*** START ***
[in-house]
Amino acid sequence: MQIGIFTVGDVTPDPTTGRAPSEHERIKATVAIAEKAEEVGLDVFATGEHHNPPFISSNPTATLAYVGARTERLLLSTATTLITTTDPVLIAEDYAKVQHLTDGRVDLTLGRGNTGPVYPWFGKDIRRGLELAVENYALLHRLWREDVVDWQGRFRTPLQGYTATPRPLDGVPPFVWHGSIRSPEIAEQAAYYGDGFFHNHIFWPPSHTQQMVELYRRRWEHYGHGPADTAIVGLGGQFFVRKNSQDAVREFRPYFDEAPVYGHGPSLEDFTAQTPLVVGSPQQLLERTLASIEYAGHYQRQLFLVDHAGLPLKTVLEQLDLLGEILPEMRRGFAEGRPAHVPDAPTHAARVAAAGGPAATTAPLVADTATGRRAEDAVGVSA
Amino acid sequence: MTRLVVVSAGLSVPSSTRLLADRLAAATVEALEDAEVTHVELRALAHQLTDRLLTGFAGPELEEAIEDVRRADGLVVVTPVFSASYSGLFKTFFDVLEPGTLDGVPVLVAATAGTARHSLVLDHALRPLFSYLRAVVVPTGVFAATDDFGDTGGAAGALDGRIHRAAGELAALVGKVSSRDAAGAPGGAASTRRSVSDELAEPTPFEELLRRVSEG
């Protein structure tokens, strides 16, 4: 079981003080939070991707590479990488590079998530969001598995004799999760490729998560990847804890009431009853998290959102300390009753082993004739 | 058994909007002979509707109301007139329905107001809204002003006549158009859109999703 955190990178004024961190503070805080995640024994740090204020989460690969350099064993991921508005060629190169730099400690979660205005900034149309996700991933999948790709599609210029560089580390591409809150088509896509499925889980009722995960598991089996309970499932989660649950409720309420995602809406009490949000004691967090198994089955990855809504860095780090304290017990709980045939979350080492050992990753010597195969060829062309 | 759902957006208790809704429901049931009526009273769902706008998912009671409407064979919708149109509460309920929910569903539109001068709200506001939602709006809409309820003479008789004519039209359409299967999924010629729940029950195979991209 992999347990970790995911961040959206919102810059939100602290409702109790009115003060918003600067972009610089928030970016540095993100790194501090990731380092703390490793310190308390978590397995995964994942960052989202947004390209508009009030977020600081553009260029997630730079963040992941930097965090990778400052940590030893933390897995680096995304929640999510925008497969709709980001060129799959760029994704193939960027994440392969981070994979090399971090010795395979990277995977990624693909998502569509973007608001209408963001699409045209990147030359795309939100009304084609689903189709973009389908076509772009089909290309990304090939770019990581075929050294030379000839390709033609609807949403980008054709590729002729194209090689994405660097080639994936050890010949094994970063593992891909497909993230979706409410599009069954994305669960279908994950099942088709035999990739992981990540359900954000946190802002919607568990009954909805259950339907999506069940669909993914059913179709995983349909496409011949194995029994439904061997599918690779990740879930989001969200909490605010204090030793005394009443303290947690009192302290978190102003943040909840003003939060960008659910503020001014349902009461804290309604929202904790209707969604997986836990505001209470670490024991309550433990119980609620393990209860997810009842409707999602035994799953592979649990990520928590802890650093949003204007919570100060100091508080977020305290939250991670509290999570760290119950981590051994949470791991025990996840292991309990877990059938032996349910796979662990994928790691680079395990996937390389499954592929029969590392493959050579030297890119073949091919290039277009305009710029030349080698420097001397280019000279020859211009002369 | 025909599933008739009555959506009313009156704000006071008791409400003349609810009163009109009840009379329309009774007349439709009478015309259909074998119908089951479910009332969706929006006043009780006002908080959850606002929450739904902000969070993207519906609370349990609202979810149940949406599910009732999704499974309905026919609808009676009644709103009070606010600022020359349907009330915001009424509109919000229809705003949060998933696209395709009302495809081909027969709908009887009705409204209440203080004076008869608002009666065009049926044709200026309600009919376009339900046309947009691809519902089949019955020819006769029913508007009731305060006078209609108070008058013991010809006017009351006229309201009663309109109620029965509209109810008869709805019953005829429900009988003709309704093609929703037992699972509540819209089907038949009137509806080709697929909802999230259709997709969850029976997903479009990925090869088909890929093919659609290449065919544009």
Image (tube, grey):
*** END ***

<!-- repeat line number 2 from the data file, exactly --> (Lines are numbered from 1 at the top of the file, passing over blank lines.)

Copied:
Amino acid sequence: MQIGIFTVGDVTPDPTTGRAPSEHERIKATVAIAEKAEEVGLDVFATGEHHNPPFISSNPTATLAYVGARTERLLLSTATTLITTTDPVLIAEDYAKVQHLTDGRVDLTLGRGNTGPVYPWFGKDIRRGLELAVENYALLHRLWREDVVDWQGRFRTPLQGYTATPRPLDGVPPFVWHGSIRSPEIAEQAAYYGDGFFHNHIFWPPSHTQQMVELYRRRWEHYGHGPADTAIVGLGGQFFVRKNSQDAVREFRPYFDEAPVYGHGPSLEDFTAQTPLVVGSPQQLLERTLASIEYAGHYQRQLFLVDHAGLPLKTVLEQLDLLGEILPEMRRGFAEGRPAHVPDAPTHAARVAAAGGPAATTAPLVADTATGRRAEDAVGVSA